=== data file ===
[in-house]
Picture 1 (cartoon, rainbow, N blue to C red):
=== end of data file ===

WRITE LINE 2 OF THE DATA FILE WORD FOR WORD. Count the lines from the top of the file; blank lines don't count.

Picture 1 (cartoon, rainbow, N blue to C red):